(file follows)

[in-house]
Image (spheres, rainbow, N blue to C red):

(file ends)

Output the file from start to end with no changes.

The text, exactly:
[in-house]
Image (spheres, rainbow, N blue to C red):